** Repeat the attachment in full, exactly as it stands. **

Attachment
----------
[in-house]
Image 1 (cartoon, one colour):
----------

[in-house]
Image 1 (cartoon, one colour):